A Texas court heard a closely watched case on Wednesday on the future of a key abortion medication amid protests against the presiding judge’s decision not to publicize the hearing.
Justice department officials, drug company attorneys and lawyers from the anti-abortion Alliance Defending Freedom gathered in the remote city of Amarillo, Texas, for a hearing before Judge Matthew Kacsmaryk, who has been asked by anti-abortion groups to grant a preliminary injunction revoking the Food and Drug Administration’s approval of mifepristone, one of two medications used in more than 50% of all abortions in the US.
In a hearing that lasted more than four hours, the judge asked both sides questions about the administrative law governing the FDA and whether the plaintiffs had standing to bring the case. Appearing neutral, he gave little inclination of how he would rule, but promised a decision would come “as soon as possible.” He offered nothing beyond that in terms of a timeline.
Attorney Erik Baptist, arguing for the Alliance Defending Freedom, said “any relief must be complete, universal and nationwide” as “the harms of chemical abortion drugs know no bounds”. Medication abortion has been repeatedly found to be extremely safe.
“Any injunction would cause significant harm by depriving patients of a drug that has been on the market for two decades,” said Julie Strauss Harris, arguing for the Department of Justice.
Outside, Women’s March organizers held a “Kangaroo Court” protest, with demonstrators dressed as judges and kangaroos in reference to Kacsmaryk’s attempt to keep the hearing secret by not publicizing it in advance on the court’s docket. Anonymous sources leaked the news to the Washington Post and it was eventually formally announced on Monday evening. A decision could come as soon as Wednesday.
Dozens of people were in line by 6am CT in order to enter the northern Texas court for the hearing, which was scheduled to begin at 9am.
That delay in public notice “really has had a chilling effect on our ability to exercise our right to peaceful protest”, said Rachel O’Leary Carmona, executive director of the Women’s March.
Women’s March organizers planned to hold a mock trial outside the courthouse, reading aloud statements that the Trump-appointed judge has previously made about women, immigration and abortion. “We’re going to make sure that folks understand exactly what kind of person is running this kangaroo court inside and the ways in which he has actually made very clear that he is not an impartial jurist, but in fact, a politician who is trying to legislate from the bench,” she said.
This is the first hearing in the case, Alliance for Hippocratic Medicine v US Food and Drug Administration, a federal lawsuit filed by the far-right Alliance Defending Freedom on behalf of anti-abortion advocates. They hope the district court for the northern district of Texas revokes FDA approval of mifepristone, limiting access to the medication nationwide.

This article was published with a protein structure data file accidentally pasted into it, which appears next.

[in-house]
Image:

Any decision would probably be appealed to the conservative US court of appeals for the 5th circuit, and possibly to the supreme court.
Mifepristone has been available in the US since 2000 and internationally since 1988. While it has been found to be safer than Tylenol or Viagra, it is regulated more strictly than fentanyl. The anti-abortion groups hope that Kacsmaryk’s conservative history is an indication he will rule in their favor.
Although the Alliance for Hippocratic Medicine has a Tennessee mailing address, it incorporated in Amarillo in August 2022 before filing suit against the FDA in November – thereby ensuring the case would be heard by Kacsmaryk, who has called gay people “disordered” and claimed that being transgender is a “mental disorder”. He has ruled against Biden administration guidelines banning discrimination against transgender people. Another one of his decisions requires minors to obtain parental consent before acquiring birth control.
In a Friday call with attorneys representing the Alliance, the FDA and the drug company Danco, which manufactures mifepristone, Kacsmaryk asked “the parties avoid further publicizing the date of the hearing”, citing death threats to court staff. The scheduling of that call was not published on the court’s official docket until after the fact, and Kacsmaryk advised the attorneys that he would not publish notice of Wednesday’s hearing until “after business hours” on Tuesday.
After anonymous sources leaked news of the hearing to the Washington Post, five media companies and three press freedom groups sent a letter to Kacsmaryk, urging him to “immediately docket notice of the hearing” to allow press adequate time to travel to the remote courthouse, and calling his attempt to limit attendance at the hearing “unconstitutional”. The court’s website was updated with notice of the 9am hearing on Monday evening.
Women’s March organizers planned a second protest for Wednesday evening, with demonstrators encouraged to come dressed as clowns – in reference to a comment by Kacsmaryk on the Friday call, when he asked attorneys them not to share details of the hearing so “we don’t have any unnecessary circus-like atmosphere”.
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